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The Silk Road – Old and New
The Silk Road – Old and New
In the summer of 2011, then US Secretary of State Hillary Clinton proposed the development of a New Silk Road, a trade and investment program to serve as the foundation for rebuilding Afghanistan’s economy after the US troop withdrawal. At the time, neighbors like China were enthusiastic but a few months later, then US Special Representative for Afghanistan and Pakistan Marc Grossman received an unusual request from Beijing. “My counterpart in the Chinese government came to me and said, you can’t use the term New Silk Road -- that’s our term,” Grossman told me. “What would you like us to call it,” he asked. The Chinese diplomat said, “You can call it historic trade routes.” The US conceded and thus ended America’s brief dalliance with reviving the Silk Road.
The rationale behind China’s objection became clear a year later when newly installed President Xi Jinping launched with fanfare an ambitious New Silk Road project on land and sea. Later dubbed, “One Belt, One Road,” the massive strategic infrastructure project aims to connect 60 countries spanning four continents. While China has long been the eastern terminus of the Silk Road, the term die Seidenstrasse was actually coined by German geographer Ferdinand von Richthofen in 1877. (1)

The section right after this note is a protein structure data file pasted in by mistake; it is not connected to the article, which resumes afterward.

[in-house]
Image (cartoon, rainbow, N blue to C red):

Prior to that, the network of trails that connected China to the Mediterranean for two millennia had no specific name. But in the century after Richthofen, the appellation ignited the world’s imagination. As one scholar writes, the term has inspired “one of the most romantic and evocative of images known to geography, with its great caravan cities from Damascus to Loyang; long lines of camels and remote caravanserais; impenetrable mountain barriers and endless deserts.”
A History of power
A rising China now seeks ownership of the phrase and to turn it into a brand name for its ambitious project. While China wants to evoke the romanticism of the historic contacts, Beijing officials discourage reading too much history into the present incarnation. It is just as well. For while the historical Silk Road was marked by lucrative trade and uncharacteristic religious tolerance (the terminus of the Silk Roads, the ancient capital Xian, was a remarkably secular place where traders of many faiths lived in peace), (2) it was also important for its significant military trade and the exercise of raw Chinese power. Bolts of silk were carried to Chinese border garrisons to pay soldiers; carrying silk was easier than heavy metallic coins over the rough terrain. Soldiers exchanged pieces of silk with traders to buy essentials, thus introducing silk as a form of currency. (3) Thousands of silk bolts were spent to buy prized horses from Samarkand and Arabia, making the Chinese army more mobile. (4) The oil and gas pipeline that now forms part of the New Silk Road brings a similar source of mobility – but a different type of energy.